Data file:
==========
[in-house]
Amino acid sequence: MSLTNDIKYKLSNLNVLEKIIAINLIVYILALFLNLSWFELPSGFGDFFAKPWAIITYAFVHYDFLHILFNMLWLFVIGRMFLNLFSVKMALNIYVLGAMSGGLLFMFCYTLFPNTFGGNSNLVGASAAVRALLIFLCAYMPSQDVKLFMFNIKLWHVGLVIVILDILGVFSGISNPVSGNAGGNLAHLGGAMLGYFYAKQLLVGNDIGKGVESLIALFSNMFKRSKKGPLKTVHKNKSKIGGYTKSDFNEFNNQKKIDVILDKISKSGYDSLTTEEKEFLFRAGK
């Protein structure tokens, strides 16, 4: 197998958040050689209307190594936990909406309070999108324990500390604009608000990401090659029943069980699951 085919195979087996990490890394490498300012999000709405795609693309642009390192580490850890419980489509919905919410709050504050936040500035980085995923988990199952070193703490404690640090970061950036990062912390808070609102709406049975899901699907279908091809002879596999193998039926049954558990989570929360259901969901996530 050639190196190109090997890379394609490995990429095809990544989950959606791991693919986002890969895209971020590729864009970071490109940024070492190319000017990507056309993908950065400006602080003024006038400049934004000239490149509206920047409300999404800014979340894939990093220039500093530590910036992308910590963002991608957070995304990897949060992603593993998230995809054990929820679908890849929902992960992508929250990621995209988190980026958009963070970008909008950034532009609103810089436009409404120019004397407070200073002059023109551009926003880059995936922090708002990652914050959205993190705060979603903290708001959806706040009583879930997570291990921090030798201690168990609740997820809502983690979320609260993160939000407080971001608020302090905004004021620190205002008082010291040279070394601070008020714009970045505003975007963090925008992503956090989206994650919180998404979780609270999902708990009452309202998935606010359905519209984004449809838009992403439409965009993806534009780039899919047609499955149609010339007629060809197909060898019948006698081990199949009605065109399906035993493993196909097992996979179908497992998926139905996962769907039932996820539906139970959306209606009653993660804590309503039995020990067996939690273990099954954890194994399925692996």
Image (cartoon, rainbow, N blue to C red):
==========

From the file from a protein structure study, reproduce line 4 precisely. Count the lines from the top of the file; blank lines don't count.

Image (cartoon, rainbow, N blue to C red):